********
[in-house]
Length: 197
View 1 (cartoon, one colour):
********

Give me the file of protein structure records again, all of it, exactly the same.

[in-house]
Length: 197
View 1 (cartoon, one colour):